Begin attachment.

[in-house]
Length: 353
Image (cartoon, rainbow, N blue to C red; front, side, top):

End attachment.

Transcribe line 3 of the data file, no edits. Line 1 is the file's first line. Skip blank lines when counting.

Image (cartoon, rainbow, N blue to C red; front, side, top):